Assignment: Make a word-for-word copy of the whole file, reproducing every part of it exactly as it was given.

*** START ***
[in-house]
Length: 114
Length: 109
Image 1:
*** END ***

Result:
[in-house]
Length: 114
Length: 109
Image 1: